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Discussion Topic

Is Having Depression a Sin?

One of my clients recently asked me, “is depression a sin?”

I can understand why someone might ask that question. We are told that if we believe in God that we should not fall into depression. That if we pray hard enough, read scripture, go to church, then we will always be happy and never feel depressed. Being depressed is a sign of weakness.

Sin=choice Depression=not a choice

My opinion is that depression is no more a sin than having diabetes, a broken leg, or having high blood pressure is a sin. Committing a sin is a choice.  Depression is a condition that you cannot control and do not have a choice. No one says, “hey, I feel like sinning today, I think that I will go and be depressed.” Anyone will tell you that when they are in a state of depression, they would do anything to get out. This is why some commit suicide–they just cannot take the pain.

There can also be a hereditary component. Research also shows that people who have relatives who are depressed are much more likely to also have clinical depression. in addition, things that happen to us early in childhood affect the way we see the world and even our brain chemistry. So some people definitely have a higher predisposition to depression.

We can still effect change in our lives no matter what hand we were dealt

That being said–that having clinical depression is not a sin–we still have personal responsibility to do all we can to prevent ourselves from falling into depression. Just like a person is responsible for staying away from carbs to manage diabetes, or from making sure you don’t eat bacon every day to prevent heart attacks.  If we make choices that are unbiblical, and we have a genetic disposition to depression, these unbiblical choices (i.e. “sin”) can ultimately lead to consequences like depression.

God knows what He’s talking about if we want to dodge depression

There are thousands of  ways that living against God’s word can cause depression. There are obvious things like abusing drugs or  having promiscuous sex.  There are other less obvious things like negative thinking (e.g. “God won’t provide” or “how can God love me?”), desire for control, or idolatry (e.g. you base your worth and life on money and then you lose it and life is over). Even legalism–which often looks like someone who is very devoted to the Lord, can also cause depression.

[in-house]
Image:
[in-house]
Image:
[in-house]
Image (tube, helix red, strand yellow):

Can you be faithful and still fall into depression? As long as we live in a fallen world, yes.  Will the probability be lower? Yes. But will you be immune? No. God can still do what he wants, for whatever reason, that we have to trust is good. Just like Job who was faithful and did everything “right,” God still chose him to be afflicted with every kind of sad event you can imagine. Job continued to trust. It wasn’t easy but he did. And the Lord didn’t fail to be Himself–he redeemed Job’s situation, used Him to glorify Himself and to bless others like you and me with his story.

Moral of the story: For those of us who are close to someone who is depressed, it is not the time to judge, or to tell them to “be strong” or “pray harder.” We need to support them as best we can with what we have (we can’t save them, only God can), love them, pray for them, pray with them, point them to resources, give them hope where they can’t see it themselves.

For those of us who are depressed: If you struggle with depression, I am assuming you have probably been through a lot in your life up to this point.  You are a survivor. Life is tough right now. But one thing is for sure, there is help. There is hope. If you can’t do anything else, just show up–to your friend’s house, to your pastor’s office, to a therapist. Don’t give up, because He never gives up on you.

Warmly,

Lia

Lia Huynh, MFT

545 Los Coches St. Suite112

Milpitas CA 95035

(408) 599-1413

Counselor and Psychotherapist serving the Milpitas, San Jose and Fremont areas